by Eric Feurer
Mr. Talton? Could you take a seat please? We got your test results back and…well, there’s no easy way to say this, Mr. Talton. You are in a Disney/Pixar movie. You’re going to be fine. In fact, you are about to go on a whimsical adventure…but a woman you care about will soon die to further your narrative. I’m so sorry.
The symptoms all point to the same thing. Bright piano music turning to a melancholy vamp, a precocious child with a physical quirk, an unlikely pet with eyes that are unnervingly expressive. You’re in stage one Disney/Pixar, or what we call the ‘gotcha’ phase.
You’re right, I should be telling your wife this news, but I’m telling you, because this is your story. Not hers. If it were hers it would be very short, one of those pre-movie fables at best, on account of how much she is about to die. My favorite one of those is the one where the dog doesn’t get food anymore because his owner meets a woman.
Even if we started treatment now, the best we could hope for is that your spunky lady becomes a tertiary character, or a mother who we only see from the neck down. Even then, she’ll likely get lost for most of the film and end up as a late-arc nag. Also I don’t know what her name is, does she have a name? No? It’s worse than I thought. I’m truly sorry.
I’m sure this is a shock, but rest assured, we’ll do everything that we can to make you comfortable. We say that because you need to save your energy for the wild romp you’re about to go on. That’s how this works. Think of your dead wife as a ticket to an adventure. It’ll probably be everything she’s always dreamed of. But it’s your adventure. Not hers. She’s dead. You’re about to live.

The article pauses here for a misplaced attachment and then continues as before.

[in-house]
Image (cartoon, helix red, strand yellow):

Cherish the moments you still have, spend time with each other, write down everything you talk about. Mostly because something she is going to say to you is going to be really important later. For you. Not her. She’s big time going to die. But her death-words are going to either give you the strength to keep fighting, or be a password to a secret cave or something. I don’t know, I’m not a writer. Just a doctor voiced by John Mulaney.
It’s important that you know this isn’t your fault, Mr. Talton. You’re emotionally unavailable to the point that death is the only way to jumpstart your arc, yes, but you were just written that way. Likely by a whole team of emotionally unavailable men. Think of it as an ouroboros of sorts, a distant snake eating its own stoic tail, but telling its snake friends and family that nothing is wrong. And I hate to say this, but that’s actually the premise of Pixar’s summer blockbuster, A Snake’s Tail. See what they did with the tail/tale pun? It’s about a snake who’s wife gets eaten by a hawk, and a worm who teaches him how to love again. It’s a really ham fisted allegory for racism, but it looks super good. Anyway, do you have any questions?